On July 20th, 2012, one of the most violent crimes in American history took place at the Century 16 movie theater in the Denver suburb of Aurora.  Armed with tear gas grenades and multiple firearms, the gunman killed 12 and injured 58.  The sole suspect, James Eagen Holmes, arrested shortly after the incident, faces 166 counts, including 24 counts of first-degree murder, 116 counts of attempted murder, one count of violent crime and various counts of weapons violations, including the possession of explosives.

On January 10th, 2013, a judge ruled that there was sufficient evidence for Holmes to face trial on all the counts with which he was charged.  Holmes was then scheduled to enter his plea in mid-March.

Judge William Sylvester complicated matters in early March, however, by approving the use of a "narcoanalytic interview" should the defense opt to enter a plea of not guilty by reason of insanity.  Such an interview would involve the use of a "truth serum," a substance to reduce the inhibitions of the defendant, as well as a polygraph evaluation.  While the technique is decades old, such a prospect was reportedly quite alarming to the defense, who filed documents opposing the technique.

On March 12th, the attorney for Holmes informed the court that he was not ready to enter a plea.  In response, the judge entered a plea of not guilty on behalf of Holmes, saying that the plea could later be changed to not guilty by reason of insanity.  A hearing on whether the prosecutor's office will seek the death penalty in this case will be held on April 1st.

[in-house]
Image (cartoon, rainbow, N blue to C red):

Meanwhile, another recent ruling in this case took place in New York.  Fox News reporter Jana Winter asked a New York judge (where she resides) to delay her scheduled appearance in the Aurora courtroom set for April 1st, to testify about her confidential sources.  Winters reported that Holmes sent a psychiatrist drawings foreshadowing the attack, quoting unnamed law-enforcement officials.  Winter's lawyer argues that New York's "shield law" allows her to keep the confidentiality of her sources, while Holmes' lawyer says that report violated a gag order and want to know who was responsible.  The New York judge rejected Winter's request, and there was no immediate indication as to whether the Colorado judge would rule on the requested delay.

Further adding to the circus that this trial seems to want to become is the appearance of the defendent himself.  Most infamously remembered with bright orange hair and calling himself the Joker, Holmes is now sporting undyed brown hair and a thick beard and mustache.  This has prompted rumors that Holmes has converted to Islam, rumors that were picked up by both the Washington Times and the UK Daily Mail.

Given how this act captivated national attention, further speculation, along with more twists and turns, will undoubtedly continue.  We'll be watching this case with great interest.  If you have any questions on this or in other arenas of criminal law, please feel free to contact us.